G8: Definitely Not Lost in Translation

January 25, 2008

We're still waiting for some seat time in the much-anticipated, rear-wheel-drive Pontiac G8 sport sedan, but the details continue to trickle in regarding exactly how the G8 differs from Australia's home-grown muscle car, the Holden Commodore SS, which the G8 will be assembled alongside.

Fortunately, it's sounding like what's soon arriving to Pontiac dealerships is remarkably similar mechanically to what's sold on the other side of the world.

According to Pontiac's marketing director, Craig Bierly, there are relatively few chassis differences between the Commodore SS and the sporty G8 GT model. Bierly verified that the so-called FE2 suspension, standard on the G8 GT and optional on the G8 V6, is identical to that used in the Aussie Commodore SS. On the other hand, the FE1 suspension, standard on the V6 model, is a U.S.-exclusive tune.

Prices and equipment for the G8 were announced last year. The G8 V6, with a 256-hp, 3.6-liter V-6, will start at $27,595, while the G8 GT, with a 361-hp, 6.0-liter V-8, teases at $29,995 — both significantly lower than the Commodore's translated sticker price.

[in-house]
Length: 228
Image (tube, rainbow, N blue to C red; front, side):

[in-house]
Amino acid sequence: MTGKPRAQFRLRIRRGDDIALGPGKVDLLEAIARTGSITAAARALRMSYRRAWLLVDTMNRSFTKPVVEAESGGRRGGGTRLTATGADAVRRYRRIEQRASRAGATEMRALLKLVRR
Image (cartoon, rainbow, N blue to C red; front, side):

One thing that the U.S.-market Commodore..ehem, G8 GT...will have on the big 6.0-liter V-8 that the Down Under car doesn't is Active Fuel Management, which brings the V-8's EPA highway estimate up to 24 mpg. The 25-mpg figure for the V-6 model isn't much better, and is significantly lower than that of the Grand Prix, which the G8 is replacing. Performance is a strength though for both models; the V-8 can get to 60 mph in 5.3 seconds, and the car has a near-ideal weight distribution.

GM's Australian division, Holden, also built the GTO coupe, which was sold in the U.S. through the 2006 model year. It was closely related to the Australian-market Holden Monaro and was eventually discontinued due to slow sales. GM had been hoping to sell 20,000 GTOs per year, but sales struggled to reach that rate in any of its model years; the company is hoping to move about 50 percent more than the original GTO target, according to Bierly, or about 30,000 G8s annually.

Bierly said that some important lessons were learned with the GTO in sales and marketing channels. For instance, relative to the GTO the G8 will be offered in a reduced number of color and trim variations — one of several factors that contributes to faster dealership delivery and less time at port. Bierly also said that the current car was developed with the U.S. market as part of the plan, while the GTO was brought over on very short notice, mid-product cycle.

The first 888 G8s to be sold in the U.S. will be brought over as a group and given a special instrument-panel plaque featuring a VIN-related number sequence from 001 to 888. There are well over twice that number of Pontiac dealerships in the U.S.

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